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These Indian Parsi men cycled across the world nearly a century ago

The United Nations General Assembly declared June 3 as International World Bicycle Day. The resolution for World Bicycle Day recognizes “the uniqueness, longevity and versatility of the bicycle, which has been in use for two centuries, and that it is a simple, affordable, reliable, clean and environmentally fit sustainable means of transport.”

Even before cycling became a thing for the world, a few Indians were marking their way through the world on their bicycles. In the 1920s and 1930s, 10 Indians – all in their 20s, all Parsis, and all from Bombay – chose to cycle around the globe in three separate groups. The goal of this young blood was to carry the name of the country – Mother India – to the far-flung corners of the world. They journeyed across mountains, forests and plains, sometimes without food and water. Eventually, only seven of them completed their odyssey.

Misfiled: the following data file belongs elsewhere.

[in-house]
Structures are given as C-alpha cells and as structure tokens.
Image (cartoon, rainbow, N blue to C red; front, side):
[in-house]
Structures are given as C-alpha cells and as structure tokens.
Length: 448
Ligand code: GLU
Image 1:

By the time Hakim, Bapasola and Bhumgara reached India in March 1928, they had covered around 70,000 kilometres. In their book With Cyclists Around The World, they have listed out their achievements. In four and a half years, they had scaled the Alps, crossed pirate-infested territories and waded through jungles with hostile semi-savage tribes, sometimes escaping death by inches. Their efforts inspired a sports journalist from Bombay named Framroze Davar to set off on his bicycle, all on his own.

For these cyclists, the expeditions were not about challenging their physical and mental ability, but to present India to the world, they were like brand ambassadors.


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